29) Sid Justice (future WWF world champ, WCW world champ, WCW U.S. champ)
30) The Warlord

Notable moments:
Bulldog makes short work of a man that could have gone a long way in the match, Dibiase … Shawn Michaels, arguably the Wrestler of the 90s, and Ric Flair, the Wrestler of the 80s, have a few interesting confrontations … Von Erich and Flair, who burned down Texas Stadium in ’84, have a good confrontation … Valentine locks Flair in the figure-4 leglock (a submission hold made famous by both men) … Flair is actually the only man in the ring for several moments until Roddy Piper makes his appearance (think Austin and Bret Hart at the ’97 Rumble) … Savage immediately targets Jake Roberts, eliminates him, and continues to attack him on the floor until the Undertaker comes to Roberts’ aid … Hogan eliminates the Undertaker and the Bezerker within the first minute he’s in the ring … the final three men in the ring are Justice, Flair, and Hogan … as Hogan pummels Flair, Justice comes from behind to dump the Hulkster to the floor … Hogan grabs Justice from the floor and pulls, with Flair coming up behind to dump Justice to the floor to win the match and championship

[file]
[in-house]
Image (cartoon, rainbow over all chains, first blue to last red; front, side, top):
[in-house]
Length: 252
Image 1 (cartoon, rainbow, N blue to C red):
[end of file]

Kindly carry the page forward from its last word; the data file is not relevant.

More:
Flair, who had lasted over an hour in the match, had done the impossible. He not only broke all records pertaining to length spent inside the ring, he not only took the best the top talent had to offer, but he won the match and with it the WWF World Heavyweight Title. In a post-match confrontation, Hogan and Justice square off and are held back by officials – foreshadowing a WrestleMania meeting between the two months down the line.

Following the match, WWF President Jack Tunney awards Flair the title backstage. The new champion cuts one of the greatest promos of his life – and that’s definitely saying something. The man that carried the NWA / WCW on his back for over a decade says that the WWF World Title is the only title that matters…it’s the title that means the most…it’s the title that truly makes you THE man in the industry. And having him hold the title is a true wake up call to all the so-called ‘superstars’ of the WWF.

Bottom Line: The 60-minute man proves his worth
Winner and new champion at 1:01:58: Ric Flair